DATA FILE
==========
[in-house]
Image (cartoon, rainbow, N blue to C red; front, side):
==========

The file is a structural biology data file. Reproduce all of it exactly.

[in-house]
Image (cartoon, rainbow, N blue to C red; front, side):